Fresh chicken snapped up at S'pore wet markets, supermarkets after Malaysia announces export ban

A 'sold out' sign on display at poultry seller Winthrop Hong Group at Ghim Moh Market on May 25 morning. ST PHOTO: DEON LOKE
Empty poultry shelves at the Bedok Central FairPrice outlet. ST PHOTO: RYAN GOH
Low stocks of chicken at the FairPrice outlet in Chinatown Point on May 25, 2022. ST PHOTO: KELVIN CHNG

SINGAPORE - Several wet markets and supermarkets saw their shelves cleared of fresh chicken on Wednesday morning (May 25) as consumers flocked to stock up on the meat.

The increased demand comes on the back of Malaysia announcing that it will halt the export of up to 3.6 million chickens a month from June 1, until domestic prices and production stabilise.

At wet markets in Bedok, Ghim Moh, Bishan and MacPherson, poultry stalls said they were sold out from between 8am and 9.30am, at least three to four hours before they usually sell out.

Poultry sellers such as Chop Eng Huat at 216 Bedok North wet market sold out by 9am on Wednesday. It typically sells out only at noon.

"I was very busy today. I have not even had a sip of water," said Madam Tan Mei Inn, 50, who runs the stall.

She said her customers bought twice or even thrice as much chicken today, with some purchasing three to four chickens at one go.

"I had one customer who bought almost $300 worth of chicken and chicken parts... Usually customers don't buy that much at one go," she said.

Business increased by about 50 per cent at 89 Kampong Chicken and Duck stall, also at the same wet market, which sold out by 9.30am.

Stall owner Yeow Wei Min, 61, said he is not raising prices as his supplier has not increased prices yet.

"However, I have let my old customers reserve chickens for the next day," said Mr Yeow, who added that some customers were already buying three times as much as they usually buy.

Most wet market poultry stall owners The Straits Times spoke to are not planning to restrict how many chickens each customer can buy yet.

"There is no limit to how much one customer can buy, but if a customer orders too many at a time from my stock, I'll (step in) to regulate," said Mr Vincent Liow, 47, owner of Ken & Vin Fresh Poultry in Ghim Moh.

Mr Lui, owner of Chinatown Complex's Chong Kee poultry stall, says lower stocks are left compared with other days. ST PHOTO: KELVIN CHNG

Fresh chicken was also sold out at most supermarkets that ST visited on Wednesday morning.

Several Sheng Siong, FairPrice and Giant outlets in the Bedok area ran out of fresh chicken by 9am, with only frozen chicken items left.

When ST visited Giant in Simpang Bedok at around 11.30am, there were only a few boxes of chicken parts such as feet, mid-joints and bones left. Fresh whole chicken had sold out by 8am, according to staff.

However, shelves were fully stocked with fresh chicken at CS Fresh by Cold Storage at Great World City.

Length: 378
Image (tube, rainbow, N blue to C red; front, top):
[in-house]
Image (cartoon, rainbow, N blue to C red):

ST has reached out to the supermarkets for comment on the extent of the surge in demand for fresh chicken.

Consumers who had missed the early rush for chickens at wet markets and supermarkets did not seem fazed by the lack of them on shelves. But they anticipate that the price of frozen chicken will rise in the coming weeks.

"If there was stock, I would have probably bought one or two more chickens," said Ms Nicole Chia, 46, a salesperson shopping at FairPrice in Bedok Central.

"I was not surprised when I saw that fresh chicken was sold out... but I am not too worried as I can turn to frozen chicken or other types of meat."

Housewife Chen Yu Hsing, 45, who was at Tiong Bahru Market, said: "I guess everyone now is a bit 'kancheong' (Cantonese for 'overly anxious'), and they want to get their hands on chicken before the price goes up, or they're scared it will run out because other people are also rushing to buy it."

All three poultry stalls at the market had shut by 11am when ST visited.

"I can still buy frozen chicken, so I'm not that worried about it," said Ms Chen.

"I just hope the price increase for that is not that bad, though I'm sure it will increase too."

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Similarly, Mr Lim Hong Yi, 70, a retired store manager, is in no rush to stock up.

He said: "Chicken, especially the type you buy in wet markets, is bought because you want to eat it fresh... If you buy so much now, what's the point? If you put it in your freezer, you might as well buy frozen chicken, because you can't eat three chickens in one day."

He added: "I won't panic buy. It's not like the last time, where people panic bought toilet paper... At least you can keep toilet paper for a long time, but the chicken you panic buy now will not be fresh when you want to eat it."

Poultry suppliers are also working around the clock to fulfil orders.

In a Facebook post on Wednesday, major poultry producer Kee Song Group said it is rushing to fulfil orders in the light of high demand.

The company, which has several chicken farms, said its website is experiencing an extremely high volume of traffic. Besides rearing chickens, it also handles the processing, packaging and distribution of fresh chilled and frozen poultry.

The Facebook post added: "Our entire company is on 24 hours' shift to raise our production volume in the coming days to meet our customers' demand."

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